Antique & Vintage Photographic Equipment

Girl Scout Kodak (US Model)

Eastman Kodak Company

Name / Model: Girl Scout Kodak
Manufacturer: Eastman Kodak Company
Country of Origin: USA
Construction: The Girl Scout Kodak is based on the Vest Pocket Kodak Model B shell but with green coloured leatherette and green bellows and a metal enamelled faceplate showing the Girl Scout emblem.
Production Period: 1929-34


Model / Variant: US Model
Plate / Film Size: 127 rollfilm
Lens: Meniscus
Shutter: V.P. Rotary
Movements: None
Dimensions (w x h x l):  
Date of this Example: c1931
Serial Number: None
  • Common [ ]
  • Uncommon [x]
  • Hard to Find [ ]
  • Scarce [ ]
Inventory Number: 391

Image of Girl Scout Kodak Vest Pocket Camera (US version)


This is an example of the American Girl Scout Kodak, based on the Vest Pocket Kodak Model B, with matching leather case. It is in fair condition, but there is some minor damage to the painted surfaces and the leather covering is somewhat worn and faded.

Image of Girl Scout Kodak camera and matching case

This is quite different to the Girl Guide Kodak produced in the UK by Kodak Ltd. The US version has green leatherette covering as against the blue crackle finish used in the UK, has green bellows while the UK version has black bellows and the metal edging is in matching green while on the UK model it is black enamel.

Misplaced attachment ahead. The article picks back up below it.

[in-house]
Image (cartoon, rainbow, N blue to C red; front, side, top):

Rear view of Girl Scout Kodak camera

The Girl Scout insignia shown on the front face of the baseboard is also quite different of course.

Image of Girl Scout Kodak camera enamel baseplate


The US version does not turn up often in the UK unless being sold by another collector. This example was purchased from the US. Prices vary, but they are quite sought after.

There is an equivalent US Boy Scout camera.

When the camera arrived, the folds of the bellows were stuck together in their closed position and the lens standard would not pull out. This had to be worked on with care to release the lens assembly.

Releasing the bellows required very gentle maninpulation of the folds of the bellows from inside, treating each fold in turn one side at a time. This is not an uncommon problem with folding cameras that have been stored closed for a long period, particularly with cameras of this size and age in my experience.

The lack of movement of the lens standard was addressed by carefully removing the pivot pin on the saddle and reshaping the hinge line so that the lens standard could run out on the baseboard rails.